In Congress, House and Senate leaders are taking different approaches to foreign aid to Israel and Ukraine.
In the Senate, both the U.S. Senate majority and minority leaders are currently pushing for a combined aid package to support the two countries. But in the House, House Speaker Mike Johnson of Louisiana has put forward a standalone Israel aid package totaling $14.3 billion.
Last week U.S. Sen. Tommy Tuberville pushed back against his own leadership’s approach, arguing any aid to Israel should be its own standalone bill.
“I am 100% behind Israel as they work to wipe Hamas off the map, (but) unfortunately, President Joe Biden is sending mixed messages about jamming more Ukraine funding through Congress; it’s not going to work,” Tuberville told reporters.
“Israel is our ally, Ukraine is not. We don’t have a strategic interest in Eastern Europe, (but) we do have a strategic interest in killing Islamic terrorists who chant death to America. Democrats shouldn’t include a Ukraine poison pill in this package; it needs to be bipartisan, our focus needs to be on supporting and supplying Israel.”
Senate Majority Leader Chuck Schumer, D-NY, a strong proponent of additional aid to Ukraine, called the House plan “stunningly unserious.” Senate Minority Leader Mitch McConnel, R-KY, while not commenting directly on Johnson’s proposal, continues to strongly advocate for more Ukraine aid.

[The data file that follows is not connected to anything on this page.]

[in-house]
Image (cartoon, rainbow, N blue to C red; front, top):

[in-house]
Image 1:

Since Russia’s invasion in early 2022, the United States has allocated well over $110 billion in aid to Ukraine. While strong in the early stages of the conflict, support for continued Ukraine funding has wavered among both Americans and members of congress, particularly among Republican lawmakers.
Having called for a peace deal to be brokered back in July, Tuberville has long been among those who have questioned continued support to Ukraine.
“Ukraine’s not winning, and that’s what’s happening, and we’re almost out of munitions,” he previously told Alabama Daily News.
Tuberville said his support for Israel, however, is “100%,” and suggested that the Biden administration had not done enough to communicate on the world stage to demonstrate the United States’ support for Israel.
“This conflict has unified the Middle Eastern countries around Gaza, and if you just look at the situation that we’re in right now, Israel does not have a lot of friends; we’re a friend of Israel, we’re going to stick with Israel,” he said.
“We have weak leadership here in Washington, D.C. with President Biden, Secretary (Anthony) Blinken, Sen. Schumer… appeasement has just absolutely put our world in harm’s way. You can’t ride the fence, you have to be strong, and right now the United States is not making a strong statement, we’re trying to ride the fence and it’s not going to work.”